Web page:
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Professor of public law, education director for French Guiana, director-general for French schools overseeing the education of 12m children – not the traditional career path for the dean of one of France’s most elite business schools. But, says Jean-Michel Blanquer, newly appointed dean of Essec Business School, “maybe they thought it was good to have an outsider with different ideas”.
Though he has only been in the job since July 1, and candidly admits “it is all new for me”, he is not short of different ideas, many of which the 48-year-old Parisian brings with him from previous roles. As head of education for two years in Créteil, a working-class neighbourhood just outside Paris, he worked with students from socially deprived backgrounds. “One of my main projects was the creation of something very like English boarding schools: ‘Eton for the suburbs.’ We built 42 in the past four years.”
Jean-Michel Blanquer, dean of Essec Business School, lists some of his favourite places, things and activities.
1. Animal : elephant
2. City: Buenos Aires
3. Holiday destination: Cuba
4. Artist: Giorgio de Chirico
5. Restaurant: a small fish restaurant on the Greek island of Paros where you can eat the very best risotto with squid black ink
6. Composer: Beethoven
7. Novel: Moby Dick
8. Mode of transport: train
It is a marked contrast to the grandes écoles, France’s unashamedly elite institutions. But Prof Blanquer, who was brought up in Paris’s upmarket eighth arrondissement, is confident that academic excellence and social deprivation are not mutually exclusive.
He points to the schemes that Essec has introduced already to provide access to the business school for those from underprivileged backgrounds, but he plans to do more. “We have to invent the second stage of these models.”
The school’s undergraduate degree will help achieve social mobility, he believes, by admitting, at 18, those who do not have access to the two years of preparatory classes (classes préparatoires – or prépa) that usually precede admission to one of the grandes écoles. “I think the BBA [bachelor's degree] is one of the answers. But there is not only one answer.”
There needs to be more compatibility between the universities in France and the grandes écoles, Prof Blanquer argues, and between classes préparatoires and first degrees. “It will work if you take the best of both systems. [The question is] how do we bring together the virtues and eliminate the problems?”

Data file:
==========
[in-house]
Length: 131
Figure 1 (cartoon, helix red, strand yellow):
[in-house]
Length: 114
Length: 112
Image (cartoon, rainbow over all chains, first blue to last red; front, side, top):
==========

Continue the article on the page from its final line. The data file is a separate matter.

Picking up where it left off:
His time in French Guiana has had a strong influence. “It is a very special place, with the reality of the south and the institutions of the north.”
His strategy is for Essec to become what he calls a “world business school”, adding more overseas campuses to the one being built in Singapore. Africa and South America are on the list of potential locations.
This comes at a time when many French business schools are focusing on their role at home, forming alliances with universities and other business schools, often to set up clusters of higher education. HEC Paris, Essec’s main rival, is part of the Paris Saclay cluster. But this route is not for Prof Blanquer. Instead, Essec will sign unilateral alliances with select partners. “It is more like Britain in Europe,” he jokes.
All this is possible because Essec has more independence from the French chambres de commerce, the traditional funders of the country’s business schools, than most. Just 8 per cent of its income derives from the Versailles chambre.
Languages will be increasingly important. “We have to consider English as a core competency,” says Prof Blanquer, but goes further. All Essec graduates should be polyglots and speak three languages. “It is a matter of cultural openness – openness of the mind.” There will also be a focus on including humanities in programmes, to give a more rounded education.
The complex interaction between business schools, chambres de commerce and government means that the job of dean at a French business school is often about political diplomacy as much as academic rigour and fundraising. A law professor by training and a government employee through career choice, Prof Blanquer may hold many of the trump cards.
So, why did he choose Essec? His answer is straightforward, if elitist. While France’s universities are disregarded in the world rankings, its business schools do rather well.
. . .
1964 Born in Paris. Masters degree from Sciences Po; PhD in law from Paris II University. Became a law professor
1998 Director of Institute of Latin American Studies, Paris III University
2004 Local education authority director for French Guiana
2006 Deputy head of cabinet for the French ministry of education
2007 Chancellor of the Academy of Créteil
2009 Director-general for schools
2013 Dean of Essec
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